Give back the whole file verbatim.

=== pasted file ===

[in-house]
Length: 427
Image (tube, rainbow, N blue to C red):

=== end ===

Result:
[in-house]
Length: 427
Image (tube, rainbow, N blue to C red):